3. Presumed Risk 
    Patent selling is seen as risk-free by the buyer, unlike licensing where they may feel threatened by impending litigation if they do not accept the terms. But this can be overcome by selling business packages and not patents. Companies today are more interested in purchasing businesses than patents. By rolling your patent into a business strategy it becomes smoother to both sell or license a patent.  
  4. Core v/s Non-core Patents 
    Core patents include product-protecting patents as well as patents that have a high possibility of infringement by competitors. The licensing strategy is recommended in the case of core patents. On the other hand, are fringe patents and future patents. Fringe patents are those which are easily monetizable and have the least value generation capacity. Such patents can either be licensed or sold as they will not result in a loss of the company’s competitive edge.  
    The process of identifying core and non-core patents involves considerable time and effort. Using CPC analysis, macro analysis, and other tools and techniques, one can systematically perform this exercise.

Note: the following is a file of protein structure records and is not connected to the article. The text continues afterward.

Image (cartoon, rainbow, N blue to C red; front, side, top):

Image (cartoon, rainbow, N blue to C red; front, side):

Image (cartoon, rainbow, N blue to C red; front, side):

Patent monetization is a reliable means of revenue generation. Consider the case of IMB which has been earning significant profits through patent licensing. The monetization process itself is not cheap. The entire transaction involves significant costs but those can be easily recovered to create a profitable scenario. It is always a good idea to sell/license a business rather than just a patent. This makes the deal more attractive to the buyer and increases the prospects.  

It is best to hire the services of specialized patent monetization firms to ensure the transaction is smooth and profitable. Experts can help you decide the type of monetization best suited for your company using sophisticated tools and analysis. They also oversee the legal requirements and thus offer end-to-end solutions to make patent monetization a success.